Sufficient staff were deployed on each shift. There was a stable team of staff employed, with minimal use of agency staff. Staff had been safely recruited to ensure they were suitable to provide care to people.

People commented favourably on the quality and choice of meals and drinks. Where people needed additional support with eating and drinking, this was given by staff in an appropriate way. All relevant records about people’s diet and fluids were maintained.

Staff had been supported through training, and were supervised, to ensure they had the skills they needed to meet people’s needs. Staff worked closely with relevant external professionals to ensure people were effectively supported in relation to their healthcare and other needs.

People commented on the caring nature of the staff. Staff ensured people’s privacy and dignity were respected. Staff also encouraged people to be as independent as they wished to be in their daily lives.

People were responded to the in the way they wanted. Care plans were developed with people, in a person-centred way. Care plans ensured people’s consent was sought in relation to their care. Where peop

Inspection areas

Safe

Good

Updated 5 October 2018

The service was safe.

People's safety from risk was ensured.

Staff were aware of their responsibilities to protect people from risk of abuse

The arrangements for the management of medicines were safe.

Sufficient numbers of staff who had been recruited in a safe way were deployed.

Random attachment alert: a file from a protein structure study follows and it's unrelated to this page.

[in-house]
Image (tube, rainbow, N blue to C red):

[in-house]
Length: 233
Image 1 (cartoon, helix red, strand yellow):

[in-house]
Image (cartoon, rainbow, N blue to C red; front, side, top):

The service was clean and hygienic, to ensure risk of infection to people was reduced.

Effective

Requires improvement

Updated 5 October 2018

The service was not fully effective.

The home environment did not meet people's needs in all relevant areas.

Staff were trained and supported to effectively meet people's needs.

People received appropriate support to have the diet and fluids they needed.

People were supported so they received the external healthcare and other support they needed.

The requirements of the Mental Capacity Act 2005 (MCA) and Deprivation of Liberty Safeguards (DoLS) were followed.

Caring

Good

Updated 5 October 2018

The service was caring.

People were treated respectfully and their independence encouraged.

People's privacy and dignity were protected.

Staff showed a caring, empathetic approach to people.

Responsive

Good

Updated 5 October 2018

The service was responsive.

People were involved in developing their own care plans.

People's care plans clearly set out how they needed to be cared for. Staff followed people's care plans.

A range of activities were provided to meet people�s diverse needs.

The provider's systems for addressing people's concerns and complaints were followed.

Well-led

Good

Updated 5 October 2018

The service was well-led.

People, relatives and staff spoke highly of the quality of care provided.

Staff worked effectively as a team and were listened to by the registered manager which ensured an open, inclusive ethos.

There was appropriate governance and managerial oversight of the service as a whole, to maintain quality of care for people.